Those stained glass windows were ordered from Germany in 1908 and put in the church when the sanctuary was built. Some Wednesdays we had to come up in the sanctuary, describe what the scene is in that window, and recite a Bible verse related to that picture. Don’t ask me to do that now!
The church actually got its start in 1866 when African Americans who were worshiping at the Methodist church in downtown Selma were regulated to the balconies and could not worship on the main sanctuary floor.
This church stood as a beacon for people to come, where they could worship freely, and it wasn’t just about worship, it was also about life.
My mother allowed us to skip school to come to the church to march and to participate in the student movement.
In order to get to the church we had to walk through throngs of white men on horseback with all kinds of weapons, and they would taunt us as we walked to the church.
My family was always a part of the mass meetings. My grandmother would come to Brown Chapel and sit near the front because Dr. King came in a specific door right over here. And she would get up and reach out and touch him. And then when we got home we would hear about how it felt to her to lay her hands on him.
Bloody Sunday, we were here at the church. For Brown Chapel it was a regular first Sunday and as church was ending people had begun to gather on the steps of the church.
And we were sitting in the church and heard the screams, and we heard the horses’ hooves. So we ran outside to see what was going on, and that’s when we saw the carnage that had followed the people back to the church…people with gashes in their heads. Some of my classmates were in the streets trying to pull their clothing off because it was so full of tear gas.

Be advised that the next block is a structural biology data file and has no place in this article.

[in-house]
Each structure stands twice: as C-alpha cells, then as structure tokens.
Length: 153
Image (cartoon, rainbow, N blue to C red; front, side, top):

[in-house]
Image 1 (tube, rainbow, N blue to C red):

I remember seeing the horses ride up the steps of the church, which was terrible for me because this is a sacred place to me. I was baptized as an infant right there at that alter.
One of my favorite memories was after Bloody Sunday, and Dr. King, he issued a call for help and on Monday there was a mass meeting. These doors opened on both sides of the church and in came, practically two by two, clergy and seminary students from all over the world. They had come. They had come to help, and most of them did not look like me. It helped me understand and to know that people did care.
Young people who come to tour the site…the first thing I say is, “Always have your truth to speak, and don’t be afraid to speak your truth. Don’t let anybody speak your truth for you.”